About Our Watershed

Wolf Creek begins above Grass Valley, California, flows through the city, turns roughly south, and eventually joins the Bear River at Nevada County’s southern border. The creek and its tributaries drain a significant portion of southwestern Nevada County. Wolf Creek has been neglected and under-appreciated in the past, but that has begun to change as Wolf Creek Community Alliance works to preserve and protect Wolf Creek and its watershed for the benefit of present and future generations.

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Home to the Nisenan

Nisenan people have lived in the Wolf Creek Watershed for thousands of years. They hunted and harvested, managed the land with fire, and settled in villages across the watershed, such as Daspah (Grass Valley), Yolosyan (South Fork), Yomentu (Lower Wolf Creek), Ompum (South Wolf Creek) and Salam Kek (near the confluence with Bear River).


As stewards of Wolf Creek Watershed we acknowledge these are ancestral homelands of the Nisenan, land they never ceded. Together we can help to amend the tragic legacy of the past. We support the Nevada City Rancheria Nisenan through the Ancestral Homelands Reciprocity Program.Learn more about the Nevada City Rancheria Nisenan and how you can support them at nisenan.org and at chirpca.org/ancestral-homelands.org.

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A Unique Watershed

Geographically & Geographically Significant 

Unlike most other west-slope Sierran streams and rivers (which flow east to west), Wolf Creek flows primarily along a north–south axis. The more southern – northern exposure creates more productive and diverse ecosystems. Geologically, the occurrence of mafic and ultra rocks such as gabbro, serpentine, along with granitic and metavolcanic rocks has resulted in a

disproportionate number species that are sensitive, unusual, or endangered.

A Diverse Assemblage of Plants & Animals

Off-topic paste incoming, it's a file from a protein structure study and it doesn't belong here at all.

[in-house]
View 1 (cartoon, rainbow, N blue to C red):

From its source at 3,000 feet to its confluence at 1,200 feet, the watershed contains a wide variety of mid-elevation ecosystems and habitats, including rare mid-elevation meadows. A relatively large number of rare, sensitive, threatened, and endangered species also are present, including Pine Hill Flannelbush, Stebbin’s Morning-glory, Yellow-breasted Chat, and California spotted owl.

An intimate Urban – Wildland Interface


Land use varies greatly within the watershed, ranging fromlightly populated areas where land-use regimes tend towards ranching, farming, and forestry to

urbanized and suburbanized areas such as Grass Valley and Alta Sierra. Unlike many watersheds, its headwaters are more developed, with its lower reaches more open. Overall, the watershed is home to more than 20,00 people. 

A History of Degradation & Recovery

A Toxic Mining Legacy

As a center for gold mining from the 1850s to the 1950s, the Wolf Creek Watershed historically has been one of the heavily mined watersheds in the world. The legacy of this intensive activity has included alteration of streams due to placer mining, extensive deforestation, and the release of a number of heavy metals and toxins into the soil and aquatic environments. 

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Urbanization & Development